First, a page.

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In decimal (base 10), 1/3 can only be approximated to 0.33333 repeating.

What number is the equivalent in binary that can only be represented as an approximation?

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Looks like homework to me, so I added the tag. I think that the question is legit, though, so I vote against closing. –  JSBձոգչ Nov 4 '09 at 15:21
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No, I am curious to know since this has implication when dealing with for loops and how you break/stop execution. For example, if you had (for i=1/3; i == 1; i++), this loop would never break if it was executed in base 10 –  Ted Nov 4 '09 at 15:22
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@Ted: It's every number that can't be expressed as k/2^n for integer k and whole number n. –  Welbog Nov 4 '09 at 15:23
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Never use a specific float value comparison, use a range: i >= 0.3332 && i <= 0.3334 –  Benoit Nov 4 '09 at 15:24
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I am in complete astonishment that people don't find this a programming questions. This must be a Computer Science vs Learn-it-yourself programming example. Since Computer Scientists would most definitely find this programming related. –  Ted Nov 4 '09 at 15:35

10 Answers 10

up vote 4 down vote accepted

0.1 is one such example, as well as 0.2

This question is also similar to this other SO question, which already has very good answers.

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So, 0.1 and 0.2 can't be represented. Does that imply that 0.3, 0.4, 0.5 also cannot be represented? –  Ted Nov 4 '09 at 15:26
    
0.5 is 0.1 in binary, so that's no problem. 0.3 would be 0.01001100110011..., 0.4 is 0.0110011001100110011... –  Joren Nov 4 '09 at 15:41
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@Ted: Like I said in a comment to your question, this is a base problem, not a floating-point problem. A number can be written in finite space in a given base if the number can be written in the form k/b^n, where b is the base in question, k is an integer, and n is a whole number. In this case, b=2, and 0.1, 0.2, 0.3 and 0.4 can't be written in this form. 0.5, however, can: 1/2. So can .75: 3/4. –  Welbog Nov 4 '09 at 15:41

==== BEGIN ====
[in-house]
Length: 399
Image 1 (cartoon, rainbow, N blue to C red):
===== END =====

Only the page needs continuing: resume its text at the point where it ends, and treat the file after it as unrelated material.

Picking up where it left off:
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Likewise, .3333... can't be expressed in finite space in base 10, because 1/3 isn't in the form k/10^n. But in base 3, 1/3 is represented as 0.1, because it's in the form k/3^n. You can extrapolate this to any real number in a natural base. –  Welbog Nov 4 '09 at 15:43
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@Welbog: A rational number p/q with (p, q) = 1 can be expressed a finite representation in base b if and only if every prime factor of q divides b. –  jason Nov 4 '09 at 16:13

A better question is to ask what numbers can be represented exactly in binary. Everything else can only be approximated or not represented at all.

See What every computer scientist should know about floating point arithmetic.

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+1: If someone hadn't linked to that article, I was going to. –  Powerlord Nov 5 '09 at 16:21

Well, there are infinite numbers that can't be precisely represented in that notation, but here's one: 1/10.

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It turns out that almost all rational numbers can not be expressed in a finite binary representation. –  jason Nov 4 '09 at 16:30
    
Ahhh orders of infinity. Aleph null, anyone? There are an infinite number of numbers which can and cannot be represented. –  S.Lott Nov 4 '09 at 17:11
    
@S.Lott: "Almost all" is a measure-theoretic concept, not a cardinal-number concept. –  jason Nov 5 '09 at 15:14

I am assuming that you mean to ask which rational numbers can be expressed in binary using a finite representation. I am deducing this from your example of 1/3 in decimal. The fact is that every rational number can be expressed in binary if you allow infinite representations. But this question is only interesting from a computer science perspective if you only permit finite representations. I am further assuming that you are not asking about specific computer representations (say, IEEE 754) but rather merely asking about general positional representations.